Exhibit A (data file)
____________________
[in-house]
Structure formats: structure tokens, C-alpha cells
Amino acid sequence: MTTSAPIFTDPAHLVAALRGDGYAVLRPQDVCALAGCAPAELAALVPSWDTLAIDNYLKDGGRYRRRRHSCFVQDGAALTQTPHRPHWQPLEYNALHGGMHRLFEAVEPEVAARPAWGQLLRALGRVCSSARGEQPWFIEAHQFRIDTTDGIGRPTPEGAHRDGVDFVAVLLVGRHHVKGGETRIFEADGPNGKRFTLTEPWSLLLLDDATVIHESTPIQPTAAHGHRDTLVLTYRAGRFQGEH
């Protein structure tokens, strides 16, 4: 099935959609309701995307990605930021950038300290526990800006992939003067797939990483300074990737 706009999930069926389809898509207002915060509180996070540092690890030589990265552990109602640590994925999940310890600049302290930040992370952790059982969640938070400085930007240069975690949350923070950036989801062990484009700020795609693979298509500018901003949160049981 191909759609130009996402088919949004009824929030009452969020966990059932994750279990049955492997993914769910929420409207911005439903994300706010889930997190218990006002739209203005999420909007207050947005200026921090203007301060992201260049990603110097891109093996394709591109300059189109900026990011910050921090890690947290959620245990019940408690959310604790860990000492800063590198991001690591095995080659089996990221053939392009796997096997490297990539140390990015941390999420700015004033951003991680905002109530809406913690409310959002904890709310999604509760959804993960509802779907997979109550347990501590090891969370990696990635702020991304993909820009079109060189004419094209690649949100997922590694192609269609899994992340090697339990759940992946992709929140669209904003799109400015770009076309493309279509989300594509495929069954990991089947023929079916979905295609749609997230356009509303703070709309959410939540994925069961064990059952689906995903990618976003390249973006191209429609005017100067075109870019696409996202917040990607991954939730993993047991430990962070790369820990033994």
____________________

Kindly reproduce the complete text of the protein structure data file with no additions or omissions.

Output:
[in-house]
Structure formats: structure tokens, C-alpha cells
Amino acid sequence: MTTSAPIFTDPAHLVAALRGDGYAVLRPQDVCALAGCAPAELAALVPSWDTLAIDNYLKDGGRYRRRRHSCFVQDGAALTQTPHRPHWQPLEYNALHGGMHRLFEAVEPEVAARPAWGQLLRALGRVCSSARGEQPWFIEAHQFRIDTTDGIGRPTPEGAHRDGVDFVAVLLVGRHHVKGGETRIFEADGPNGKRFTLTEPWSLLLLDDATVIHESTPIQPTAAHGHRDTLVLTYRAGRFQGEH
């Protein structure tokens, strides 16, 4: 099935959609309701995307990605930021950038300290526990800006992939003067797939990483300074990737 706009999930069926389809898509207002915060509180996070540092690890030589990265552990109602640590994925999940310890600049302290930040992370952790059982969640938070400085930007240069975690949350923070950036989801062990484009700020795609693979298509500018901003949160049981 191909759609130009996402088919949004009824929030009452969020966990059932994750279990049955492997993914769910929420409207911005439903994300706010889930997190218990006002739209203005999420909007207050947005200026921090203007301060992201260049990603110097891109093996394709591109300059189109900026990011910050921090890690947290959620245990019940408690959310604790860990000492800063590198991001690591095995080659089996990221053939392009796997096997490297990539140390990015941390999420700015004033951003991680905002109530809406913690409310959002904890709310999604509760959804993960509802779907997979109550347990501590090891969370990696990635702020991304993909820009079109060189004419094209690649949100997922590694192609269609899994992340090697339990759940992946992709929140669209904003799109400015770009076309493309279509989300594509495929069954990991089947023929079916979905295609749609997230356009509303703070709309959410939540994925069961064990059952689906995903990618976003390249973006191209429609005017100067075109870019696409996202917040990607991954939730993993047991430990962070790369820990033994």